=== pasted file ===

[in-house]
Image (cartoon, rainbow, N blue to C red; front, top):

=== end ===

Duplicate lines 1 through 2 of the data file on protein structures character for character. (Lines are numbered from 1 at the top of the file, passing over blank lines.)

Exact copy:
[in-house]
Image (cartoon, rainbow, N blue to C red; front, top):